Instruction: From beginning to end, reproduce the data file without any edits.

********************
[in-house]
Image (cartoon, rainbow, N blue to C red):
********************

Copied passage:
[in-house]
Image (cartoon, rainbow, N blue to C red):